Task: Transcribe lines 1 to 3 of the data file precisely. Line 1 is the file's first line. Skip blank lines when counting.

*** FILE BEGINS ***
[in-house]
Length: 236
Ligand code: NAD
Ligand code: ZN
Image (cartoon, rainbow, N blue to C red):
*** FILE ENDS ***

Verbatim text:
[in-house]
Length: 236
Ligand code: NAD